• Different image regions require different numbers of coefficients to look well for human.

C1.3. Because of its separable property, DCT transformation can be efficiently extended to 3 dimensions. Implement apply_3ddct to a block along each dimension subsequently to get the 3D transformed DCT image.

C1.4. Apply above 3D DCT to any 3D sequence video. Ignore the padding. Return the DC and high-frequency components of the resulting sequence.

A1.3. Which DCT component of the 3D DCT transformed sequence contains the most energy? What is the best strategy for video compression?

  • The most energy is stored in DC component.

  • The energy decreases with increasing coefficient positions.

  • For sequences with dynamic content but with ares of same color, it is best to preserve more DCT coefficients corresponding to time dimension.

  • For sequences with static content but with high level of spatial detail, it is best to preserve the coefficients corresponding to the spatial domain.

HW4.2. Karhunen-Loeve-Transform

C2.1. Implement a block processor which reshapes a 32×32 block into a vector, and adds 0.1 to the vector elements [529:544,272:32:784] and reshapes the result back to a block. Perform above block processor to an image.

C2.2. Calculate the KLT basis functions for 8×8 blocks using following steps:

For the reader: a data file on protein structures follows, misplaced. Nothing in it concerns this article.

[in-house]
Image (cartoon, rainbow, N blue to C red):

• Reconstructure image into blocks of 8×8 and save results to blocks

  • Calculate the autocorrelation matrix for those blocks and save results to C_im

  • Perform EVD of C_im

  • Sort the resulting eigenvalues with descending order and correspondingly the eigenvectors

  • The resulting eigenvectors constitutes the KLT basis images. Reshape each eigenvector to an 8×8 block and pack them into a 64×64 image in column major order

A2.1. Compare KLT basis images when using different images for training.

  • KLT is the most efficient transform in terms of decorrelation and energy packing.

  • But it depends on image statistics. As shown above, autocorrelation of a specific image is calculated to derive KLT basis images.

  • For different images with different statistics, the resulting KLT basis images would be different.

C2.3. Project an image to the KLT basis above. Compare the back-transformed image with the original one and calculte the PSNR.

C2.4. Calculate the autocorrelation matrix of all blocks from KLT transformed image. (same as C2.2.)

A2.2. How should the autocorrelation matrix of KLT blocks look like?

  • When KLT learned from Lenna image is applied to Lenna image, it allows for perfect decorrelation (except for numerical errors).

  • Thus, the autocorrelation matrix exhibits only elements on its diagonal and zero elsewhere.

  • If this KLT is applied to other images, the diagonal of the autocorrelation matrix still dominates, but there are significant non-diagonal elements.

  • KLT is not suitable as a generic compression method.

A2.3. Calculate the statistics (mean and variance) of above KLT transformed image.

  • KLT of Lenna on its own base exhibits a monotomic decrease of the variance coefficients.

  • For other images, the energy compaction is not optimal, there is a noisy behavior in the variance plot.

A2.4. Recall the variance plot for Haar transform, plot the variance of DCT and KLT, what do you observe?

  • The KLT of Lenna on its own base has a monotonic decrease and higher energy compaction efficiency than DCT and Haar.

HW5.1. Autoregressive Models

C1.1. Calculate the autocovariance of a natural image I, using neighboring 11×11 for each pixel as follows:

(10)CII(k,l)=E[I(x,y)I(x+k,y+l)] with 5k,l5